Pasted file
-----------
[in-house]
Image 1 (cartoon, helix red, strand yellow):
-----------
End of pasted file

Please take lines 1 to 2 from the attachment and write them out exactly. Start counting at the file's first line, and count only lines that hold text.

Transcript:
[in-house]
Image 1 (cartoon, helix red, strand yellow):